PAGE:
Japan’s Prime Minister Shinzo Abe makes a rare trip to China this week hoping improved relations will lead to new economic partnerships, as the two countries come under US pressure on trade.
The visit is the first by a Japanese premier since 2011 and is part of a years-long process of repairing ties in the wake of a disastrous falling-out in 2012, when Tokyo “nationalised” disputed islands claimed by Beijing.
The incident prompted anti-Japanese riots in China, and kicked off a frosty spell that has only gradually and recently begun to thaw.
Since an awkward 2014 encounter between Abe and Chinese President Xi Jinping on the sidelines of a summit, there have been ministerial visits by both sides and a softening of rhetoric.
But Abe’s trip will be a test of how far the two countries have come, and the need for progress is all the more urgent as US President Donald Trump levies tariffs and rattles sabres on trade with both China and Japan.
“The trade war with the US seems like it’s helping bring them together a bit,” said Kristin Vekasi, assistant professor of political science at the University of Maine, and an expert on Japan-China ties.
“In that sense, they’re actually on the same side... and if Japan leans away from the US because of decreased economic opportunities, there’s a potential for closer ties with China,” she said.
Belt and Road Initiative
The two leaders are likely to focus on a range of potential deals, including joint investments in infrastructure in regional nations including Indonesia and the Philippines.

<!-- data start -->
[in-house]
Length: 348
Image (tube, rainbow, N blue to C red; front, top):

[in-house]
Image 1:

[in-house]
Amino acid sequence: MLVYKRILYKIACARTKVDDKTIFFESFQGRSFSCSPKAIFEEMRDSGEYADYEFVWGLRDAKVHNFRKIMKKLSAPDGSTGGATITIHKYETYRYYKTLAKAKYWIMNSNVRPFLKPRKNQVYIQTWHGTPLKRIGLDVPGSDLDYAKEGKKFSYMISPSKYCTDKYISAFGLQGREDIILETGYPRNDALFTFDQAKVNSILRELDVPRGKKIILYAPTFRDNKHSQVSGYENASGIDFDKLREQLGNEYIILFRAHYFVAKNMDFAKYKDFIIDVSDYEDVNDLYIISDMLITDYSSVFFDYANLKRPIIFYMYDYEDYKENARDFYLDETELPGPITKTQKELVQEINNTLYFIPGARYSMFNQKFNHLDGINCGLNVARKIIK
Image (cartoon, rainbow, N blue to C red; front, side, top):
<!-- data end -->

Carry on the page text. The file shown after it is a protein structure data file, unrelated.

Abe has signalled some interest in China’s massive “Belt and Road Initiative”, which funds major infrastructure work, but experts said a concrete deal on Japanese participation was unlikely for now.
Both sides are keen to improve economic cooperation, with Japanese business eager for increased access to China’s massive market, and Beijing interested in Japanese technology and corporate knowhow.
“Japan and China have really nicely complementary economies, and they can benefit hugely from having closer trade and investment ties,” Vekasi said.
“They’ll try and bring home some economic tangibles. That’s generally where they’ve been able to successfully cooperate in the past.”
The two leaders may find less common ground outside of the economic realm, with tensions lingering over territorial issues.
Just days before Abe’s trip, Tokyo lodged an official complaint after Chinese ships cruised around the disputed islands that Tokyo calls the Senkaku and Beijing labels the Diaoyu islands.
And in September, Japan carried out its first submarine drills in the disputed South China Sea.
Japan does not border the South China Sea but has expressed concern about Chinese military activity there.
Cooperation and confrontation
Abe and Xi are likely to simply avoid those thornier issues, said Kazuyuki Suwa, a professor of political science at the University of Shizuoka.
“Neither side will make any compromises... They will say what they need to say, and won’t likely agree to go beyond that,” he told.
“The relationship is a mixture of cooperation and confrontation, and that will stay the same.”
Much of the meeting will be about optics, with both men looking for the symbolic boost that the summit will provide.
Abe will also be hoping to extract a pledge that China will make good on plans for Xi to pay a reciprocal visit to Japan next year.
If he succeeds, “that itself should be called one of the major achievements of this trip,” Suwa said.